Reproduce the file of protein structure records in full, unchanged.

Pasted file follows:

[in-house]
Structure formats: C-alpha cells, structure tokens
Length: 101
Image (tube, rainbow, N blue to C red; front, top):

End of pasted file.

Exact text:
[in-house]
Structure formats: C-alpha cells, structure tokens
Length: 101
Image (tube, rainbow, N blue to C red; front, top):